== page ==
Orton, however, challenged the notion that everything needs to be accessed by an automobile.
"It's a deep refreshment for the soul when you go up there," Orton said. "You won't have that sense of nature. You'll have a sense of noise."
Fielding said the road would provide relief to already congested parking at the base of Howelsen Hill, especially if the city moves forward with a proposed world-class Nordic center at Howelsen Hill.
"This needs to be as much about improving our access to recreational purposes as getting around our traffic problems," Fielding said. "We can build this to be a shining example of how we can build a traffic corridor."
Jonathan Wiesel, who, with his partner John Frado, did a feasibility study of the Nordic center for the city, said the road could solve some of the problems encountered in their study, such as how to get novice skiers up to the easier terrain above Howelsen Hill. On the other hand, Wiesel said the audio and visual effects a road might have could be a detriment to the center.
"It would probably take care of some of the parking and access issues," Wiesel said. "We haven't really reached any conclusions, but it could be helpful, and it could also cause some concerns."
Is it possible?
In the end, both Fielding and Elkins admit that their roads aren't perfect and would face significant hurdles, but in their minds that doesn't change the fact that "something needs to be done."
There are no concrete cost estimates for how much such a road would cost, but city officials said it likely would be in the tens, if not hundreds, of millions. DuBord noted there also would be difficulties when it comes to right-of-way acquisition.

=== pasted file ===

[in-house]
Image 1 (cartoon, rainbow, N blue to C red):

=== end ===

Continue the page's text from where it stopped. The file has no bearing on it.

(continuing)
"This isn't property that we own," DuBord said.
Difficulties aside, officials say the road is possible from an engineering standpoint.
"I'm sure they're doable," Transportation Director George Krawzoff said. "I don't think technology is an issue because enough money cures technology. But the social and aesthetic issues are huge."
Fielding and Elkins said they chose their routes because, while they would have some negative effects, those effects would be minimized.
"The truth is, there's no good place for a highway," Fielding said. "There's never a good place for a highway. My alignment I picked mostly because of its minimal impact to businesses and residences. Of course, if we want to build a road, we build it regardless of what's in the way. It's just that it's a shame that we have to tear down a building."
Elkins said other options could destroy the nature of downtown.
"Anything you do downtown, you start changing the nature of downtown," Elkins said. "You have to be more open-minded about this. We're doing this to allow people to have a more enjoyable lifestyle."
Elkins added that reconstructing existing roads would involve the costly realignment of utilities, whereas a road over Howelsen Hill would be a "clean-cut, dirt-moving project."
Something must be done
"This is as clearly a blighted area as we've seen," Fielding said, referring to downtown Steamboat. "We are blighted by traffic. We're really a town of 50,000 on a busy weekend, and there's no reason in the world to think we're not going to continue to grow."
While solving the traffic issue in Steamboat presents various disagreements, one thing everyone seems to agree on is the problem does need to be solved.
"I sure know Steamboat needs something to relieve that downtown congestion," Wiesel said. "We don't live there, but we spent three weeks there this summer and, gosh, it's tough. It's not pretty."
Taylor said traffic has gotten to the point that it is no longer enjoyable to shop or dine outside downtown due to the noise and smell of traffic. Tracy Barnett, executive director of Main Street Steamboat Springs, said merchants are starting to say the traffic is a detriment to their businesses.
"If there's gridlock now, what's it going to be in 10 years," Sen. Taylor said. "I think we need to look to the future and plan ahead."
Orton believes public transit is the answer, in addition to finding ways to get people out of their cars, either through paid parking or other measures. City officials say they haven't given up on multi-modal solutions, and Krawzoff noted the city spends $3 million a year on Steamboat Springs Transit. The problem, Krawzoff said, is that the city's buses are caught in the same congestion as the rest of traffic. But while it is a challenging problem, he said it is not an impossible one.
"We're going to solve this," said Krawzoff. "I'm convinced."